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Stereotype of the Month Entry

Another Stereotype of the Month entry:

Don't Blame Columbus for All the Indians' Ills

October 29, 2002

Europeans first came to the Western Hemisphere armed with guns, the cross and, unknowingly, pathogens. Against the alien agents of disease, the indigenous people never had a chance. Their immune systems were unprepared to fight smallpox and measles, malaria and yellow fever.

The epidemics that resulted have been well documented. What had not been clearly recognized until now, though, is that the general health of Native Americans had apparently been deteriorating for centuries before 1492.

That is the conclusion of a team of anthropologists, economists and paleopathologists who have completed a wide-ranging study of the health of people living in the Western Hemisphere in the last 7,000 years.

The researchers, whose work is regarded as the most comprehensive yet, say their findings in no way diminish the dreadful impact Old World diseases had on the people of the New World. But it suggests that the New World was hardly a healthful Eden.

More than 12,500 skeletons from 65 sites in North and South America -- slightly more than half of them from pre-Columbians -- were analyzed for evidence of infections, malnutrition and other health problems in various social and geographical settings.

The researchers used standardized criteria to rate the incidence and degree of these health factors by time and geography. Some trends leapt out from the resulting index. The healthiest sites for Native Americans were typically the oldest sites, predating Columbus by more than 1,000 years. Then came a marked decline.

"Our research shows that health was on a downward trajectory long before Columbus arrived," Dr. Richard H. Steckel and Dr. Jerome C. Rose, study leaders, wrote in "The Backbone of History: Health and Nutrition in the Western Hemisphere," a book they edited. It was published in August.

Dr. Steckel, an economist and anthropologist at Ohio State University, and Dr. Rose, an anthropologist at the University of Arkansas, stressed in interviews that their findings in no way mitigated the responsibility of Europeans as bearers of disease devastating to native societies. Yet the research, they said, should correct a widely held misperception that the New World was virtually free of disease before 1492.

In an epilogue to the book, Dr. Philip D. Curtin, an emeritus professor of history at Johns Hopkins University, said the skeletal evidence of the physical well-being of pre-Columbians "shows conclusively that however much it may have deteriorated on contact with the outer world, it was far from paradisiacal before the Europeans and Africans arrived."

About 50 scientists and scholars joined in the research and contributed chapters to the book. One of them, Dr. George J. Armelagos of Emory University, a pioneer in the field of paleopathology, said in an interview that the research provided an "evolutionary history of disease in the New World."

The surprise, Dr. Armelagos said, was not the evidence of many infectious diseases, but that the pre-Columbians were not better nourished and in general healthier.

Others said the research, supported by the National Science Foundation and Ohio State, would be the talk of scholarly seminars for years to come and the foundation for more detailed investigations of pre-Columbian health. Dr. Steckel is considering conducting a similar study of health patterns well into European prehistory.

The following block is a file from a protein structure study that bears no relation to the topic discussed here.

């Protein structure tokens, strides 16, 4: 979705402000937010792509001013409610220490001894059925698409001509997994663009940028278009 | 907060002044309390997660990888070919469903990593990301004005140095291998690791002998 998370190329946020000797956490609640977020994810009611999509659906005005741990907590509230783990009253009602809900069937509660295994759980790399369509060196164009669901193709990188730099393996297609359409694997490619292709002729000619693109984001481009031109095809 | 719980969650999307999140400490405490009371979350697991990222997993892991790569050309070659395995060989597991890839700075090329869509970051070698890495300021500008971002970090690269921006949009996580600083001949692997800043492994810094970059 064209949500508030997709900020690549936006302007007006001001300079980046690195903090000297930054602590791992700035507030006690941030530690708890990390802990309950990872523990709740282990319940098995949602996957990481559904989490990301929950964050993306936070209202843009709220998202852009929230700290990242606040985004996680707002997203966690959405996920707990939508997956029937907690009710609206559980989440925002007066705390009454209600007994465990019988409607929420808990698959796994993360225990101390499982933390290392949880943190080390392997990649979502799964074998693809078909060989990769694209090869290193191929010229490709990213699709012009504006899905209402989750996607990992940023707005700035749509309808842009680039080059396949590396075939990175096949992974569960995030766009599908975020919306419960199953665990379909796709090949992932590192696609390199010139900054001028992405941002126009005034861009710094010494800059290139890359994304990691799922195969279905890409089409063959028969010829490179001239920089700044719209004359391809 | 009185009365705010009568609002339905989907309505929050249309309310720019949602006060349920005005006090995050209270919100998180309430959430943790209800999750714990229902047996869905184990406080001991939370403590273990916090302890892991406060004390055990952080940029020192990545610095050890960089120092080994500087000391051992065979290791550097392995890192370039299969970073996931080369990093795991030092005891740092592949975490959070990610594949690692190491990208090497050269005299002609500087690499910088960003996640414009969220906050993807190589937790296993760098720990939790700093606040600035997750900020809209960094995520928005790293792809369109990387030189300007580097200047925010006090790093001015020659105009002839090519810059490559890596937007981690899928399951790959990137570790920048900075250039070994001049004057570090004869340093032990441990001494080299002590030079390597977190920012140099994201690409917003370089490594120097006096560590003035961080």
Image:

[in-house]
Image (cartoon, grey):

"Although some of the authors occasionally appear to overstate the strength of the case they can make, they are also careful to indicate the limitations of the evidence," Dr. Curtin wrote of the Steckel-Rose research. "They recognize that skeletal material is the best comparative evidence we have for the human condition over such a long period of time, but it is not perfect."

The research team gathered evidence on seven basic indicators of chronic physical conditions that can be detected in skeletons -- namely, degenerative joint disease, dental health, stature, anemia, arrested tissue development, infections and trauma from injuries. Dr. Steckel and Dr. Rose called this "by far the largest comparable data set of this type ever created."

The researchers attributed the widespread decline in health in large part to the rise of agriculture and urban living. People in South and Central America began domesticating crops more than 5,000 years ago, and the rise of cities there began more than 2,000 years ago.

These were mixed blessings. Farming tended to limit the diversity of diets, and the congestion of towns and cities contributed to the rapid spread of disease. In the widening inequalities of urban societies, hard work on low-protein diets left most people vulnerable to illness and early death.

Similar signs of deleterious health effects have been found in the ancient Middle East, where agriculture started some 10,000 years ago. But the health consequences of farming and urbanism, Dr. Rose said, appeared to have been more abrupt in the New World.

The more mobile, less densely settled populations were usually the healthiest pre-Columbians. They were taller and had fewer signs of infectious lesions in their bones than residents of large settlements. Their diet was sufficiently rich and varied, the researchers said, for them to largely avoid the symptoms of childhood deprivation, like stunting and anemia. Even so, in the simplest hunter-gatherer societies, few people survived past age 50. In the healthiest cultures in the 1,000 years before Columbus, a life span of no more than 35 years might be usual.

In examining the skeletal evidence, paleopathologists rated the healthiest pre-Columbians to be people living 1,200 years ago on the coast of Brazil, where they had access to ample food from land and sea. Their relative isolation protected them from most infectious diseases.

Conditions also must have been salubrious along the coasts of South Carolina and Southern California, as well as among the farming and hunting societies in what is now the Midwest. Indian groups occupied the top 14 spots of the health index, and 11 of these sites predate the arrival of Europeans.